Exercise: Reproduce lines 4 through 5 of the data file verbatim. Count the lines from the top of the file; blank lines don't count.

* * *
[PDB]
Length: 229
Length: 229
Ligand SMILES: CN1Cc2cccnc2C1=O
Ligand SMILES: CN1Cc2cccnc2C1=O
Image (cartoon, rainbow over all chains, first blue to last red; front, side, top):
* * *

Ligand SMILES: CN1Cc2cccnc2C1=O
Ligand SMILES: CN1Cc2cccnc2C1=O